Sunday, June 29, 2008

The Art of Negotiation...

An MBA education teaches you a lot. Apart from the obvious subjects, it teaches you to work with a diverse bunch of motivated students with cut-throat competition on their minds. It teaches you to get along with BIG egos. It teaches you to be political at times. It teaches you to navigate your way thru a maze of problems and issues. On the lighter side, it also teaches you to read a 1000 page book in a single night. But frankly, these were things that I expected out of the MBA. What I dint expect was to learn so much from fellow classmates. Sometimes from interacting with them, sometimes from listening to them and sometimes from simply watching them. Its amazing the things you can pick up.

When you watch people from a distance, you pick up a lot of cues on mannerisms, some good, some not so good. You get to see how really capable people get things done and how incapable people cry for attention. You get to see who among the group is most likely to really go on to becoming good successful managers. You get to see who you can trust and who you cannot. You get to see cry babies. You get to see those few who are, as Prof. Venkat says, “Sheep Lions” (meaning they are really dynamic Lions, but do not realise it themselves... They think they are just sheep).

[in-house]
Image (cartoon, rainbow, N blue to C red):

You also see people who are “Wolves in Sheep skin” - the bad type. You will see a few who will take advantage of just anyone, use them, and then throw them away – the worse type. You will also see outright vile cheats who will stop at nothing to meet their end and even cheat you of property – the worst type.

And then among all these, there are those few Gems, those normally quiet few who can, with one swift effortless sweep, get their things done without causing damage to anyone or anything around them.

A case in point happened a few days back when our Executive Director, PGPM, Prof. Rao and Executive Director, Great Lakes Institute of Management, Prof. Sriram had an informal chat with the entire batch to allay any issues that we faced (Great Lakes is good in that way – the administration listens to the concerns of the students.. Well, atleast most of them :D ). OK, before I recollect the incident let me ask you this – If you don’t agree with certain policies of your institution, how do you deal with it?

If you are like most people, including me, you will raise the issue, you will fight (sometimes to death, coz its the right thing to do or whatever), you will debate on it, sometimes you will close your ears to others logic, fight, fight and more fight – basically you will become a 4 year old child crying for a much wanted toy. I find that most people, young and old, fall in this category. So, is there a different way of getting your way? Yes. And I got to learn that from an expert himself.